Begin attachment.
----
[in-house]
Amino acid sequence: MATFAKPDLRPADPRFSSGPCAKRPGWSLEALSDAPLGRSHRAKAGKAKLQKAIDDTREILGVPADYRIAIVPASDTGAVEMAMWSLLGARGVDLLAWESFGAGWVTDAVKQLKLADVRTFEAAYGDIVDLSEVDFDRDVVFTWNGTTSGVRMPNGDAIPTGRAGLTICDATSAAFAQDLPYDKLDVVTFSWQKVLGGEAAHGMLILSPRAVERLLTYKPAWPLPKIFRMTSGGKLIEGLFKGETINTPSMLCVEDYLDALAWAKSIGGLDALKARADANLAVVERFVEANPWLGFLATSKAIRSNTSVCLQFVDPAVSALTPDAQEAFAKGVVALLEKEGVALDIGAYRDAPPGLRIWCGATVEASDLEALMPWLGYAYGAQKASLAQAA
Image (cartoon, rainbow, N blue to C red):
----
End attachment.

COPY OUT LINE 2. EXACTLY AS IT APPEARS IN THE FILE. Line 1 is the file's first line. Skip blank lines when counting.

Amino acid sequence: MATFAKPDLRPADPRFSSGPCAKRPGWSLEALSDAPLGRSHRAKAGKAKLQKAIDDTREILGVPADYRIAIVPASDTGAVEMAMWSLLGARGVDLLAWESFGAGWVTDAVKQLKLADVRTFEAAYGDIVDLSEVDFDRDVVFTWNGTTSGVRMPNGDAIPTGRAGLTICDATSAAFAQDLPYDKLDVVTFSWQKVLGGEAAHGMLILSPRAVERLLTYKPAWPLPKIFRMTSGGKLIEGLFKGETINTPSMLCVEDYLDALAWAKSIGGLDALKARADANLAVVERFVEANPWLGFLATSKAIRSNTSVCLQFVDPAVSALTPDAQEAFAKGVVALLEKEGVALDIGAYRDAPPGLRIWCGATVEASDLEALMPWLGYAYGAQKASLAQAA